Aug. 4, 2021
Science fiction writing workshop led by Faculty of Science brings dreams to life for young writers
A group of Calgary students are about to become published authors before they even graduate!
Among the changes and challenges that the COVID-19 pandemic brought to young people and education, science and creativity prevailed. In a unique science fiction writing workshop led by the Faculty of Science in partnership with the Calgary Public Library, middle- and high-school students learned about space physics from a leading researcher, and had coaching from a professional writer. The result was Getting to Proxima b, an anthology that will be carried by the Calgary Public Library.
Technical knowledge and creative coaching lead to exciting results
Building off the success of a science fiction writing workshop for teens that was part of the 2019 ‘Science Takeover’ – a full day, hands-on learning event offered by the Faculty of Science at the Calgary Public Library – co-instructors Heather Clitheroe (BA’01) and Eric Donovan, a professor in the Department of Physics and Astronomy, decided to resume the successful partnership with the Library and offer the workshop for young writers again in 2020.
Clitheroe is UCalgary alumna and current International Coordinator in the Faculty of Science. She is also an accomplished and published author, specializing in science fiction. Donovan is well-known for his research on space physics and the aurora borealis.
With the pandemic’s impact on Library programming, this workshop was offered entirely online, with about twenty-five students joining up for weeklong evening sessions. Working in partnership with youth librarians at the Library, Clitheroe and Donovan covered the science of Proxima b and space exploration, writing techniques and tips, and hosted a Q&A evening with award-winning editor Lynn Thomas from Uncanny Magazine. The sessions were so well attended that they offered additional group writing nights throughout September and October at the students’ request.
Ultimately, five young writers decided to put forward work for the anthology, Getting to Proxima b.
“Proxima b is a planet orbiting Proxima Centauri, the closest star to our sun,” Clitheroe explains. “It’s in the habitable zone – basically what we think is an orbit that would give you a planetary surface that could support life…whatever that life looks like.”
We have such a range of stories… dramatic and suspenseful adventures, introspective meditations, a screen play, and even a space opera novella!”
Proxima b is also a planet that the young sci-fi writers could see in their lifetime. As Donovan explains “scientists and engineers are exploring scenarios for an interstellar mission that would flyby Proxima b and return images to Earth by 2060 or even earlier. Imagine that, if I live to 100, I could see images of an extra-solar planet.”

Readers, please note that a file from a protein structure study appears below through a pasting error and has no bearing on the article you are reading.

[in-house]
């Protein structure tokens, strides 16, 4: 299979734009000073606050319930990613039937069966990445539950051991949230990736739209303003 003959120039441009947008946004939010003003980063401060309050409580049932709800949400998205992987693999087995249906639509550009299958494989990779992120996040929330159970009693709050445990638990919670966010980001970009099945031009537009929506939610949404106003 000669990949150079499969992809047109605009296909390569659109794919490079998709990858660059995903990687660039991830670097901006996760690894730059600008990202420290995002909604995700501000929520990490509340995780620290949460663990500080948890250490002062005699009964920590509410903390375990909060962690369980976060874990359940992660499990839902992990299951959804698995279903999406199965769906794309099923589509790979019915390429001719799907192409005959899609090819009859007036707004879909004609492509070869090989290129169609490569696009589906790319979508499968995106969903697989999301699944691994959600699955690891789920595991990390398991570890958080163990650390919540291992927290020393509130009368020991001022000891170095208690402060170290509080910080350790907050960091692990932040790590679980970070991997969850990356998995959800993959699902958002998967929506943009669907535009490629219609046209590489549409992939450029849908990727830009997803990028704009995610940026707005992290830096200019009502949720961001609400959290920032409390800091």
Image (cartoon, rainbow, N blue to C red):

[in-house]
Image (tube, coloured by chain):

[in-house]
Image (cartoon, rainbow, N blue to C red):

Says Clitheroe, “Proxima b is more in reach now than it has ever been, and as our capabilities increase, it gets a little closer all the time. We posed this to our writers as their theme: what would we find if a spacecraft or probe reached Proxima b?
For our young writers, the opportunity to have their work published and put into the Library’s catalogue was really exciting…and for us, too. We want to showcase their incredible work…and as a writer myself, I know the thrill of seeing your name in print.”
Inspiring a new generation of writers
While ‘Zoom fatigue’ from the myriad of online classes, workplaces, meetings, and events necessitated by the COVID-19 pandemic became part of everyday language in 2020, the young writers were captivated by the subject matter and learning opportunities.
“It is always such a privilege to watch what happens when young people discover something new. Bringing science into our communities helps us all connect, whether in good times or challenging ones. We are delighted for these new science fiction writers, and are looking forward to reading their stories,” says Dr. Bernhard Mayer, PhD, interim dean of the Faculty of Science.
“I think the workshop really connected with our young writers in a couple of ways – it was a way to explore their writing and talk with a space physicist, but it was also a relief for all of us to do creative work together as a refuge from everything that was happening with the pandemic,” says Clitheroe.
“In all of these stories, there is an optimism that comes through – a looking ahead to imagine what humanity might find, and how we could get there. These are stories that were written under some of the most challenging circumstances, as we navigated the pandemic as a community. I think it really speaks to the power of young writers to inspire us, and their unique vision of ‘what if.’
Clitheroe has been leading other writing workshops through 2021, and will be teaching Writing Science Fiction and Fantasy courses through UCalgary Continuing Education in the fall.